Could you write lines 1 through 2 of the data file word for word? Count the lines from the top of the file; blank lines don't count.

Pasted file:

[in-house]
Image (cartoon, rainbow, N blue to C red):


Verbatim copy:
[in-house]
Image (cartoon, rainbow, N blue to C red):